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Cowboys & Aliens Review - the Bad
While the movie starts out pretty strong, the later portion reveals some plot holes that are never adequately explained. After the true nature of Olivia Wilde's character Ella is revealed, there is no mention as to how she got to Earth, or how long she had been there, or how she knew the invading aliens would be going there.
Further, although it is vaguely explained that the aliens consider gold a precious metal and abduct humans to be used for experiments, it is never really explained as to what end, or why they actually need the gold. Is it a source of fuel or energy, or just something shiny to look at, who knows? Lonergan's initial escape, which is flashed back to later in the film, also seemed pretty far fetched, with no explanation as to why he came out of his trance (unlike the other humans), or why the wrist gauntlet was located conveniently near his arm (or why a wrist weapon built for large aliens would even fit on his much smaller wrist).
I also did not really understand Wilde's character's certainty that destroying the ship full of aliens would somehow prevent any more of their race from coming to Earth, which just seemed covenient. If anything, I would think that destroying their ship would precipitate a search party to come looking for them, especially if they were able to send any communications that they had discovered gold on Earth. Although I guess that oversight may have been intentional to leave the possibility of a sequel open. Also, although I haven't read the graphic novel, I understand that, aside from the title, the movie shares very little in common, which will no doubt anger many of the novel's die hard fans.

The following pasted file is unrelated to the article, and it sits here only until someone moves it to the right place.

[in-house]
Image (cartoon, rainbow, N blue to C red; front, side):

All in all, "Cowboys & Aliens" successfully combines the elements of a gritty Western with an action-packed alien invasion movie, while showing respect for both genres, and coming up with something completely original. While no one will mistake this film for "Unforgiven" or "Close Encounters of the Third Kind," by taking the story seriously, Favreau avoids even a hint of campiness, which one might expect from the title, and delivers a fun action adventure movie that fans of both genres should enjoy. Also, the casting and performances of Daniel Craig and Harrison Ford are particularly good, and their onscreen chemistry makes me hope that these two great actors work together again in the future.
3.5 stars out of 5